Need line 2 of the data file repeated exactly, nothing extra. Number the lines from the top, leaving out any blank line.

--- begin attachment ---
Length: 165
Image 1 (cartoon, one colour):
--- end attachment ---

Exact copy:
Image 1 (cartoon, one colour):